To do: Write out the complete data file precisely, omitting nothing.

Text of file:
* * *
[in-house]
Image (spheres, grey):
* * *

[in-house]
Image (spheres, grey):